TREATMENT

After you've analyzed your medical coverage and diagnosed your company's needs, you want to figure out how you can further reduce your costs without thrusting too much of the burden onto the shoulders of your employees. Creativity can help: Investing in alternative offerings now can save everyone pain and expense over the long term. Some options to consider:

Offer Health Savings Accounts

-- HSAs let the employer and employee contribute pretax money to an account solely for medical expenses. New this year, the HSA is like an IRA for medical expenses. In order to take advantage of HSAs, you must also offer a high-deductible health plan, which means lower premiums for your company. There is one important caveat: Annual pretax contributions cap out at $2,600 for individuals and $5,150 for families, while some plans may set their deductibles as high as $5,000--which means your employees could get stuck with whopping medical bills. A good place to start your research into HSAs is at HSA Insider (www.hsainsider.com).

Create a Culture of Good Health

-- Some smart companies have started offering wellness programs that take aim at employees' unhealthy habits, like smoking, inertia, and overeating. Many companies already offer subsidized health-club memberships or even onsite gyms. The trouble is, the employees who take advantage of these offerings tend to be fit and healthy--they're not the ones driving up your health-care costs. The Caesars casino chain took the wellness approach, offering an obesity program in which 4,500 employees competed to take off excess weight. The group's average loss was 10 pounds, with a simultaneous rise in general well-being. And good health, after all, is the whole point, isn't it?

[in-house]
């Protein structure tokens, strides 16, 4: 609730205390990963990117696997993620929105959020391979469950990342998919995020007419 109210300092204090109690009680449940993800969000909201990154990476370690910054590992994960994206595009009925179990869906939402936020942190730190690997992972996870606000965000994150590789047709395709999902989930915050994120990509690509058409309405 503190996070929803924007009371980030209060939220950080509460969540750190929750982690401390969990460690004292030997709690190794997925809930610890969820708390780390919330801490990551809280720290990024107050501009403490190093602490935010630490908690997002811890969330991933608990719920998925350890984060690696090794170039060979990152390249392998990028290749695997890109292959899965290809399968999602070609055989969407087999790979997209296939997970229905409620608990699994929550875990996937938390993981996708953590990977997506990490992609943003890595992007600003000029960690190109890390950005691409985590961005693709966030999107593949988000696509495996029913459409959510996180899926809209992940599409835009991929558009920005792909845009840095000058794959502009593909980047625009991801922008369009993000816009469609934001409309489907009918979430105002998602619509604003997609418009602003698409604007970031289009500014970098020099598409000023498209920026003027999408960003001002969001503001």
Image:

Start a Disease Management Program

-- If you find that certain conditions are common among your staff, consider bringing in a disease-management specialist to head off predictable problems before they occur. For instance, a nurse would make sure that diabetic employees are eating properly, taking their medication, and monitoring their blood sugar regularly. Al Lewis, president of the Disease Management Purchasing Consortium, notes that DMPs help keep premiums in check and can even produce a modest savings in the range of 4 percent. You can get more information on starting a program for your employees from Lewis's organization (www.dismgmt.com) or the Disease Management Association of America (www.dmaa.org).

Bring Health Care to the Employee

-- North Carolina software maker SAS saved a bundle with an onsite clinic offering free medical care to its employees. Human resources VP Jeff Chambers estimates that the clinic helped the company shave $600,000 from the budget last year in doctor visits and lost productivity. Even if you can't afford to open a clinic, consider hiring a nurse practitioner to handle minor health issues. You might also think about opening an onsite pharmacy--drugs being the single biggest reason for soaring health-care costs. At Bally's Las Vegas casino, employees can get generic drugs free of charge. While the average brand-name drug costs $100 in a pharmacy and its generic version costs $28, parent company Caesars pays just $15, almost 50 percent off the normal retail price.

Self-Insure Your Company

-- More and more businesses are cutting out insurance carriers altogether. Instead, they pay employees' health expenses directly. This allows them to fashion their own plans and piece together provider networks that meet the specific needs of their workforce. Insurance claims can be handled by the employer or they can be outsourced to companies that specialize in administering such plans. Alliance Laundry Systems, a commercial washer-and-dryer maker in Ripon, Wis., began self-insuring its 700 non-union employees in 2002 after its premiums skyrocketed more than 30 percent. Last year Alliance's premiums climbed just 10 percent. For more information, check out the Self-Insurance Institute of America at www.siia.org.